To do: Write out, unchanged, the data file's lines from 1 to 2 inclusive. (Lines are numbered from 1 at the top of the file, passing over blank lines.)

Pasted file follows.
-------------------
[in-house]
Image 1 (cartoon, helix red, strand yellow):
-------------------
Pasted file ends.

[in-house]
Image 1 (cartoon, helix red, strand yellow):